“Right,” Husband said, his newly hydrated state obviously clearing his mind, “we’re going home. Sod this for a game of soldiers.”

I couldn’t agree more. We set the SatNav for the caravan park, and off we went. I’d love to tell you we had a straight run through, but in fact, we faced two more diversions on the way home, and I was beginning to panic. I couldn’t help but feel we were in a Doctor Who episode, and that some seriously sadistic alien had trapped us in a giant maze, and was testing us to see how much we could endure before we snapped. I’m pretty sure we passed the bemused cow on the way back, too. Somehow we ended up in Scotland, in Kelso, for the second time that day – don’t ask me how! But we got home at last, and apart from a fight for the toilet, all was well.

Passing through Kelso for the second time that day. How we ended up in this Scottish town when we were visiting the Northumberland National Park I have no idea.

So the following day, we headed home, back to safe Yorkshire. We heaved a sigh of relief and sank onto a bench at Whitby Marina, ate sandwiches, drank water, and chilled out before we headed home. No worries at all.

“Let’s call at Goathland on the way back,” husband suggested.

Why not? After all, we’ve been loads of times before. What could possibly go wrong?

Well, let’s just say, for some strange and inexplicable reason, the husband took the wrong turn, taking us down a 33% hill to the villages of Egton and Grosmont instead of Goathland. We didn’t want to go back up the hill, so we set the SatNav to take us home from that point. She duly led us out of Grosmont, under a bridge, round and round, along winding lanes, up and down hills, and then… There we were, back in the exact same spot in Grosmont. And to add insult to injury, we were sitting right outside a flipping Co-op!

Ah well, it’s all part and parcel of a family holiday. Our sort of family holiday anyway. And maybe next year, things will be “normal”. Though I doubt very much that the husband and I will ever be!

Have a great week!



This Post Has 13 Comments

  1. Jessica Redland Writer

    Ha ha ha! Oh my goodness, this could only happen to you!!!! Could hear your voice telling that exact story and it did make me laugh. Sorry you didn’t get to do everything you wanted to but I’m delighted for you that you were able to get out and about for the first time and that you loved what you saw of Northumberland. It’s one of our favourite places. And you’re spot on about that East Coast route up to Scotland. I used to do the train journey quite regularly and it’s so beautiful xx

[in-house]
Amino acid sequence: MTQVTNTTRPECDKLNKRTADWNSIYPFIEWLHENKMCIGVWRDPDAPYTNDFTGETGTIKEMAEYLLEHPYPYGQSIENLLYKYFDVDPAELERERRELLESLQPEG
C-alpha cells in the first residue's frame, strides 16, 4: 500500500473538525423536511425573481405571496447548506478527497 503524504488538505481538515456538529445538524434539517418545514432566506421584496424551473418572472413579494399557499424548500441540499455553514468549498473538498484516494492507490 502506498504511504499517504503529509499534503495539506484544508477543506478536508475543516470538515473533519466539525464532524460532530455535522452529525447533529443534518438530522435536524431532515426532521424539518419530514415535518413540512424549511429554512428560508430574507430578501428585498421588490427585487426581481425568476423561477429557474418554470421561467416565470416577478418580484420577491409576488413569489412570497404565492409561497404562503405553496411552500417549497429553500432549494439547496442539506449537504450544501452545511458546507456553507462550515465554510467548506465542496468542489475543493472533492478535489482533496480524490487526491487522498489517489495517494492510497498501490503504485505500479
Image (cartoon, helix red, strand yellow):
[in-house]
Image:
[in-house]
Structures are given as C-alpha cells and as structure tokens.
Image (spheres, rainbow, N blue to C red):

1. sharon

      Stuff like this always happens to us. I don’t know why. We have such good intentions when we set off… We had a great time though, and it’s done me the power of good. I feel so much better now, and we’ll definitely be going back. xx

  2. Isabella

    Life, stranger than fiction LOL This blog post confirms, if ever needed, that you are a brilliant storyteller. I enjoyed it thoroughly and yes, it did put a smile on my face! Brilliant photos, too. xx

    1. sharon

      Aw, thank you so much, Isabella. Glad it made you smile. We smiled, too. Well, we laughed actually. I think it was hysteria… 😉 xx

  3. Linda Acaster

    Diversions, yes. Those orange propped up signs saying Road Ahead Closed. Not which road, not where. We found the barriers seven miles further on at the top of Sutton Bank. But that’s why maps were invented, particularly the 2.5 miles to the inch. Loved your rendition of your holiday.

    1. sharon

      Thank you, Linda. Maps might sort it but SatNavs definitely don’t. Our poor SatNav lady was as bewildered and lost as we were. She kept crying, “Make a U-turn” in increasingly panicked tones. Still, we got home in the end, and it’s all part of life’s rich tapestry. xx

  4. June Kearns

    Fabulous post, Sharon!! (And no harsh words or short tempers?! A match made in Heaven!!)

    1. sharon

      Haha! I don’t think anyone who knows us has ever said that about us before! We’ve married each other three times now, so we’re nothing if not determined. It’s that stoicism that got us through the Northumberland National Park. They breed us tough in Yorkshire. Thanks for dropping by and commenting, June. xx

  5. Nettie

    There’s a book in there somewhere Sharon. In time to come it will be a talking point.

    1. sharon

      I’m sure it will be, Nettie. And I’m planning that book right now!

  6. Voinks

    I shouldn’t laugh, Sharon, but….:D I can so relate to these stories and the best thing is, years later they make wonderful memories. x

    1. sharon

      Trust me, I know! We’ve been together for forty-one years, and yes we have lots of these sort of memories which still make us laugh. xx